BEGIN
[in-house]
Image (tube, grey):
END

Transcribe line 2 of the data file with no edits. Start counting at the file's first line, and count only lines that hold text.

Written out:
Image (tube, grey):